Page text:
Life back on the farm
Andrew Hore debuted for the All Blacks as hooker on the northern hemisphere tour in 2002 and was an integral member of the team until 2013, playing 83 tests and scoring eight tries. He played for the Crusaders, Hurricanes and Highlanders in Super Rugby, a
THE biggest problem young guys have now is speaking to people, having an interview like this because they sit down, put their heads down and start texting. You can’t go to the pub and have a yarn because they are all on their phones. We used to have team dinners, but there would be 10 people on their phones, and our hardest job was getting them to meet and greet people.
That’s how it is, though. They’ve done nothing different since school and that’s the modern environment. You don’t even have to talk to a woman either, you just text her and the job’s done, and that might have served some of us ugly buggers better, but never mind.
When I left school, I was always going back to the farm; there was never any doubt about that. I suppose that was the reason I had to leave Otago, because I reached their standards through natural ability and staying on the farm instead of going to town and the gym.
It wasn’t until I went to Taranaki and the farm was miles away that I was forced to get into the gym much more. Being on the farm was awesome, but to get from a naturally fit footy player to the next level where you get pushed more was a case of changing from a parttime player to a fully concentrated lockedin footy player. It still wasn’t quite fulltime in Taranaki because we only trained Mondays and Tuesdays.
The easy part for me was when I thought I’d had enough rugby the farm was there; that was always going to be my life. Anton Oliver played the last few years because he didn’t know what his next chapter was going to be, but I always had that certainty. I enjoyed the money, but I wasn’t playing rugby to make money, I wasn’t going to go overseas to play for a club that meant nothing to me, although it could be a big mistake now that I’m paying the bills.
The reality is I’m similar to an oldstyle player who loved farming and regarded time off as farm time. I’m a much more contented soul there. It is where you grow up and what you know, and I was good at it because I didn’t enjoy the school side of things too much.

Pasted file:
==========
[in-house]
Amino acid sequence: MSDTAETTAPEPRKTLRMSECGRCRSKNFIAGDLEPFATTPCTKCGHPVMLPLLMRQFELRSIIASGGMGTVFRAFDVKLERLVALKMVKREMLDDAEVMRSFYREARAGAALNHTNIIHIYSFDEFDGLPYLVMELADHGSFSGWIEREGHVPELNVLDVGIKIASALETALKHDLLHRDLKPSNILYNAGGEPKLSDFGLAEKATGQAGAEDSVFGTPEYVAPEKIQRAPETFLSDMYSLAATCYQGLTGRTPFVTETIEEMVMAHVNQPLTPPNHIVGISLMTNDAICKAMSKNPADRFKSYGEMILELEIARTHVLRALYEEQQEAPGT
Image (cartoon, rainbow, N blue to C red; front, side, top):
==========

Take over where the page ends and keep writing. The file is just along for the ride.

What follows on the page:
The old man never pressured me to come back to the farm, which has been in the family for more than a century and five generations. He never asked about rugby unless you wanted to discuss it and the same with farming, so it was enjoyable going out with him and learning stuff by being around him, watching and listening. There was never any conversation about whether you are coming home to farm — probably the opposite.
In 2000 when I went up to Taranaki I talked to him about going back to farming instead of playing rugby and he told me I was silly and to play all the footy I could.
My brother Charlie and I are in the process of splitting up the property, which is roughly two hours from Dunedin and two hours from Queenstown, because we bought the neighbour’s farm, so he’ll get that and my wife Frankie and I will get the home place.
We are set up for merinos because of the dry climate for wool and their lambs, and then beef for the hill country. We are understocked on about 46,000 acres [18,616ha], but when it’s split Frankie and I will have about 26,000 acres and that’ll be good, and the old man can live here until he’s in a box.
It’s home and it wasn’t until Frankie came down and started talking about all the great views and the scenery that you realise how lucky you are to live there.
We do all the mustering on horses, so in April we help with some syndicate mustering where we spend weeks staying in huts and getting the sheep in. We go to the neighbour’s place first, where there are no fences, and stay out for four nights in the huts.
At the end of 2013, I came back into farming fulltime. I’d sort of had enough and didn’t think I would make it to the 2015 World Cup. I fought with Keven Mealamu and Anton Oliver to get starts then on the way down another good kid, Dane Coles, came along who is bloody handy. We had a meeting about how long we were going to play and Kevvie was adamant he wanted to make it to 2015. I wasn’t going to get a Highlanders contract again so thought that would do me as far as rugby goes.
I was old school when they asked me about the World Cup. I felt there was a problem because it was getting to the stage where places were so guaranteed your mother didn’t ring to congratulate you any more.
Getting through 2014 was easy. I was done and enjoyed life and footy for the club, but when 2015 rolled around I thought it would have been cool to be there. Now it’s like: thank God I’m not playing that game any more where they get smashed up each week.
Rodney So’oialo was a good mate of mine at the Hurricanes and watching him hold on was not great. Instead of being remembered for the great player he was, he would come to training and try to get through it, and eventually I told him not to come to training because he was sucking it out of me.